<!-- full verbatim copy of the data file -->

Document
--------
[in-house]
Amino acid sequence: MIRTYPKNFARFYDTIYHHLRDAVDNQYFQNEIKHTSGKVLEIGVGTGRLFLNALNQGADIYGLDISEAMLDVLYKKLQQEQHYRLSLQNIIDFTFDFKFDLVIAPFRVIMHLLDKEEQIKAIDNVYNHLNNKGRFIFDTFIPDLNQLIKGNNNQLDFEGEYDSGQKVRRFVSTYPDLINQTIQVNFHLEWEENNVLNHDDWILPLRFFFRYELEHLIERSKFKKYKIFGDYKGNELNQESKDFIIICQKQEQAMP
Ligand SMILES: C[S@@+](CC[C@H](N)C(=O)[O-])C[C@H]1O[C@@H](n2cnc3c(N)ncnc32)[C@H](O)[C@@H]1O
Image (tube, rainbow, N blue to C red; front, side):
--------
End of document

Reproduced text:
[in-house]
Amino acid sequence: MIRTYPKNFARFYDTIYHHLRDAVDNQYFQNEIKHTSGKVLEIGVGTGRLFLNALNQGADIYGLDISEAMLDVLYKKLQQEQHYRLSLQNIIDFTFDFKFDLVIAPFRVIMHLLDKEEQIKAIDNVYNHLNNKGRFIFDTFIPDLNQLIKGNNNQLDFEGEYDSGQKVRRFVSTYPDLINQTIQVNFHLEWEENNVLNHDDWILPLRFFFRYELEHLIERSKFKKYKIFGDYKGNELNQESKDFIIICQKQEQAMP
Ligand SMILES: C[S@@+](CC[C@H](N)C(=O)[O-])C[C@H]1O[C@@H](n2cnc3c(N)ncnc32)[C@H](O)[C@@H]1O
Image (tube, rainbow, N blue to C red; front, side):